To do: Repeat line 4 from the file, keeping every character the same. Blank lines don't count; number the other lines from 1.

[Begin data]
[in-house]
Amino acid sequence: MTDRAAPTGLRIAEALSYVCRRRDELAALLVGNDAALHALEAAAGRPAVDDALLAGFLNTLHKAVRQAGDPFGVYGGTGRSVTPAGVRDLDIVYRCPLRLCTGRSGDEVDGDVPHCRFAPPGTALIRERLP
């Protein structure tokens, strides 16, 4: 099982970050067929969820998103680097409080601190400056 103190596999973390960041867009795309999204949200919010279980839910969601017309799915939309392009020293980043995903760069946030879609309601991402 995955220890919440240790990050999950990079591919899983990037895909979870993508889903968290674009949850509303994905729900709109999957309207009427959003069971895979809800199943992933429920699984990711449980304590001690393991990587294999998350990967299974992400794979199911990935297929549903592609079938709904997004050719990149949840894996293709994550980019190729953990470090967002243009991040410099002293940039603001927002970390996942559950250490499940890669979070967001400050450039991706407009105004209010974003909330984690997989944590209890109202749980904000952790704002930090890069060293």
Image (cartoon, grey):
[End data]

Image (cartoon, grey):